Edmonton, Alberta. It's Canada's sixth largest city, but has 10 percent of New York's population density. It's given us Robert Goulet, Jill Hennessy, and, uh, Tommy Chong. It's home to the Oilers and North America's largest mall, a 1.2 billion (Canadian) dollar monstrosity with more than 20,000 parking spaces. (Frozen) Compton, it ain't.
But, nonetheless, Edmonton is where the next great Canadian hiphop hope—the last was either the elastic-but-average K-OS or the embarrassingly famous Snow, depending on whom you ask—calls home. That'd be the aptly named Cadence Weapon, an Aesop-recalling, Kweli-nicking 21-year-old who'd rather go by his given name (Rollie Pemberton) and write for the local alt weekly (he does) than develop anything resembling an ego. Some hiphop fastcomers spit shallow tales so loud they can't be tuned out. But Pemberton, who wrote for Pitchfork as a teenager, marches to, well, a different beat.
"I'm DJing a puppet show in a couple of hours," says Pemberton from the Edmonton thinkspace where he's in the midst of mixing the follow-up to spring's Breaking Kayfabe. "Don't worry, man. I'm DJing after the puppet show. I don't want to interfere with the magnitude of the hipster puppetry."Nominated for a Polaris (that's Canadian for Mercury) Music Prize in 2006—an award Pemberton eventually conceded to current tour companion Final Fantasy—Breaking Kayfabe's a proper initiation to Pemberton's real-world rap poetry and fashion-free artistic aesthetics. Impressive, considering it's ultimately just the product of his rare, and very precocious, talent."It's funny, because it came out in Canada at the end of 2005 and I made a lot of it a year and a half before that," laughs Pemberton. "Here's this album that I made when I was 15, 16, and I'm performing it at 21. It's like, 'Man, I was this little idiot.' But the new one has way more dance beats and a song where I'm beatboxing, like slapping my knees and hands. It'll have some new stuff and be different."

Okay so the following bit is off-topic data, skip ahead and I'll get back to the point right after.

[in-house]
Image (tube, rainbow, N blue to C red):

In other words, no, it's not the product of frozen Compton. But it ain't Robert Goulet, either.